Progressing into the 1990s, the Bank of Scotland continued its dual policy of steady but unspectacular advancement and creative technological improvement. Active in commercial lending, the bank continued to finance projects at home and abroad.
It increased its international presence through further joint ventures, including its financing of a retirement community in Florida, a joint agreement with the German Quelle Bank to sell credit cards to Quelle’s mail order customers, and an arrangement with a Milan-based company to move into the mortgage market.
In 1993 the Bank of Scotland was the first Scottish bank to introduce banking by telephone services, and also became the first British Visa member to offer customers the opportunity to make international telephone calls using their credit card. The following year the bank improved HOBS, making it possible for customers to conduct their own transactions via a Screenphone. Among other developments the bank also introduced statements in large print or in braille for visually impaired customers.
The bank suffered in the recession of the early 1990s along with every other British bank, but, as the Financial Times put it, the “Bank of Scotland has achieved an enviable reputation ... of being both less accident prone than others, and of running operations efficiently.” Still, the bank was particularly hard hit by bad debts in the early 1990s; its subsidiary the Bank of Wales suffered acutely. Its fortunes were once again on the upswing, however, by 1994, as the setback was overcome and profits rose healthily once more. Indeed, the bank was much admired—and envied—for its cost/income ratio, which, alone among U.K. banks, fell under 50 percent.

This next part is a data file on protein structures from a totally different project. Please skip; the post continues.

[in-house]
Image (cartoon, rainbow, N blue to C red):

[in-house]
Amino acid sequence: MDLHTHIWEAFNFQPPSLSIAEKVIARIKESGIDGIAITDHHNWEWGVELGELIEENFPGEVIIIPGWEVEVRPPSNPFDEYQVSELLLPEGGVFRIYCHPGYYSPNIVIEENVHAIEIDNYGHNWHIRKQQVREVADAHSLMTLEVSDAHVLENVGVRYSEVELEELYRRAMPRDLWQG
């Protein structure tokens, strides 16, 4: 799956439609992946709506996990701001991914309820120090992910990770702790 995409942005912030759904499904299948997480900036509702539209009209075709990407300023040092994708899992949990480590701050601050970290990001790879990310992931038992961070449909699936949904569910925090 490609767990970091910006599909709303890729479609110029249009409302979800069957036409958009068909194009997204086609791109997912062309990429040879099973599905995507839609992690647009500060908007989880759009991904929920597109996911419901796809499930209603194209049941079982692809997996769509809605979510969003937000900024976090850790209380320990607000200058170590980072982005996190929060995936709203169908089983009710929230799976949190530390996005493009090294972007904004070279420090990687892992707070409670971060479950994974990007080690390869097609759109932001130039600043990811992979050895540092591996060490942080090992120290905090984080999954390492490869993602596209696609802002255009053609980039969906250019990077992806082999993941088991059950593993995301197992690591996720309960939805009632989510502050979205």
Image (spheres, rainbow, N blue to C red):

For the future, the Bank of Scotland planned a course of primarily internal growth, though it had not ruled out the option of further acquisitions—indeed, in 1994 there was much speculation that the bank would acquire a building society. Any such decision, however, would be weighed very carefully by this bank, which has, according to one of the bank’s senior managers (as quoted in the Independent), “rather a Presbyterian attitude, trying to improve bit by bit without any great leaps forward.”
Bank of Scotland Treasury Services pic; Bank of Wales pic; British Linen Bank Group Ltd.; Countrywide Banking Corporation Ltd.; Kellock Holdings Ltd.; NWS BANK plc.
“Bank of Scotland Pioneers Visa Phone Service,” Scotsman, September 14, 1993.
“Banks Get Phone Message,” Sunday Telegraph, April 3, 1994.
“Bottom Line: Bank Shares May Have Gone Too Far,” Independent, October?, 1993.
A Brief History of Scotland’s First Bank, Edinburgh: Bank of Scotland.
Cameron, Alan, The Bank of Scotland: An Illustrated History, 1695-1995, Edinburgh: Mainstream, forthcoming.
“Good Growth, Bad Debts for Bank of Scotland,” Guardian, May 7, 1993.
Hamilton, Fiona, “Scotland in Europe,” Investors’ Chronicle, March 12, 1993, pp. 73-74.
Malcolm, C. A., The Bank of Scotland, 1695-1945, Edinburgh: privately published, 1948.
“Markets: Bank that Stuck to Banking,” Financial Times, May 7, 1994.
“Profits Expected to Improve at Bank of Scotland,” The Times, May 7, 1993.
“Quality Shines Through,” The Times, May 6, 1994.
Saville, Richard V., The Bank of Scotland, 1695-1995, Edinburgh: Edinburgh University Press, forthcoming.
“UK Company News: A Late Victim of the Recession,” Financial Times, May 7, 1993.